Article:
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Consortium Event: Chocolate of Peace – The persistence of Colombians in the search for peace
November 14, 2016 @ 7:00 pm - 9:00 pm
PSRP Consortium member, the Global Justice Academy, is sponsoring a film screening and conversation organised by students from the University of Edinburgh. The organisers’ invitation is as follows:
Come and join us this Monday, 14th November, to watch the documentary Chocolate of Peace, and to have a conversation with Gwen Burnyeat, producer and co-director of the documentary. Gwen is currently a Wolfson PhD Scholar in Anthropology at University College London (UCL), researching the social history of the Colombian peace process, and she has worked with the Peace Community of San José de Apartadó for five years.
After the screening, we will share a cup of Colombian chocolate, and Gwen will have a conversation with the audience about her experience producing the documentary (based on her master’s research at the Universidad Nacional de Colombia) and her insights about the peace negotiations undertaken in Colombia to put an end to one of the longest armed conflicts in the world.
Gwen was close to the process of ‘pedagogía para la paz’ (pedagogy for peace) as a member of the platform Rodeemos el Diálogo (Let’s us surround the dialogue) and was able to attend the FARC’s Tenth and last Conference, where guerrilla members gathered to discuss their expectations of the peace deal and their reintegration (her blog pieces about this experience can be read in Latin American Bureau).
Watch the trailer, here: https://vimeo.com/167415655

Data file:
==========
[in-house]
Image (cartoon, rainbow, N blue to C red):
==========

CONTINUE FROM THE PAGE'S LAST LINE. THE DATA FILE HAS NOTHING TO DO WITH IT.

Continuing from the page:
The event is free to attend, but registration is requested via Eventbrite.
About the Documentary
‘Chocolate of Peace’ is the work of a British-Colombian team who believe in the transformative power of stories and films. The documentary depicts the Colombian Peace Community of San José de Apartadó -an emblematic group of victims of the armed conflict-, and their experiences of resistance via a journey through their processes of organic chocolate production.
From the seed to the product, the cacao is the narrative thread that takes us through the Community’s stories of violence and resilience, their fight to remain neutral in the face of the Colombian armed conflict, and how they have been building peace from the grassroots for twenty years. This film invites us to rethink our relationship with food, to value the efforts of those who produce it, offering a panorama of hope, proving that despite difficulties it is possible to sow peace through human and economic relationships. Also, this documentary provides an account of the community work as a new way for Colombian society to think about its search for a fairer country in two ways:
Firstly, only empathising with individual stories and the context of the Colombian conflict, Colombians can understand the truly meaning and consequence as a society of having over 8 million victims, many of them in rural areas, and the need to recognise how urgent is to end the armed confrontation to create an inclusive nation.
Secondly, although the signing of the final agreement between the government and FARC is vital, building peace in Colombia will require effort from all sectors of society over generations. Most Colombians are reflecting today on the meaning of this greatly-desired word, peace. The Peace Community has 20 years of experience of grassroots peace-building, with a profoundly political and human philosophy about what it means to live in peace and live in community. We believe that sharing their experience and their work could be useful for all Colombians, and also for global society in an epoch of instability and anxiety across the world. Moreover, as Jesus Emilio says in the documentary, “Peace begins from food”.
Source: UoE Colombian Students
Photo: Chocolate of Peace